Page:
How do agency REITs pay such high dividends investing in securities that don’t pay much?
Mortgage REITs like Annaly (NLY), American Capital Agency (AGNC), MFA Financial (MFA), Capstead (CMO), and Hatteras (HTS) tend to have high dividend yield. Yet agency mortgage-backed securities don’t pay low-double-digit returns. To achieve these sorts of returns, REITs—particularly agency REITs—employ leverage. In other words, they’ll borrow many times their equity in order to provide these high sorts of returns.
The use of leverage is a double-edged sword. Although agency mortgage-backed securities bear no credit risk—since principal and interest payments are guaranteed by the government—they do have a lot of interest rate risk. Leverage magnifies this risk.
The typical mortgage REIT balance sheet
On the asset side of the balance sheet, REITs hold mortgage-backed securities and other assets that pay interest. On the liability side, they use many different techniques to finance their balance sheet. By far, the most popular is the repurchase agreement, which is basically a secured loan. The REIT will pledge the assets as collateral. Though, mechanically, they sell them at a discount and agree to buy them back at a fixed price.
Of course, this creates a maturity mismatch, which they will hedge with interest rate derivatives—typically swaps and “swaptions.” This hedging will reduce returns. But it allows the REIT to operate with more leverage.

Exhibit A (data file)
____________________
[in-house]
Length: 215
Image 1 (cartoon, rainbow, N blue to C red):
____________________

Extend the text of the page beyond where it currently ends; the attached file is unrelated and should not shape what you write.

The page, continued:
The anticipated end of QE slammed REITs
When the Fed hinted at tapering at the June 2013 FOMC meeting, rates began to rise and REITs were clobbered. The hardest-hit were agency REITs.
Since agency REITs invest in MBS (mortgage-backed securities) with no credit risk, the nominal returns are quite low. To generate a decent return, they employ a lot of leverage and were caught once rates started going up. They were forced to deleverage in a difficult interest rate environment. In fact, Annaly cut its leverage ratio from 6.5x to 5x.
While there are other risks that agency REITs face—like funding risk or counterparty risk—their biggest risk is interest rate risk. As it looks like rates have stabilized, Annaly has been increasing its leverage ratio again. This is more or less a bet that the yield curve isn’t going to steepen markedly in the near future.
Note that American Capital Agency (AGNC) is leaning the same way. The silver lining from the end of QE is that interest rate spreads are a lot higher than they were a year ago. Annaly increased its leverage ratio to 5.3x in the second quarter of 2014.
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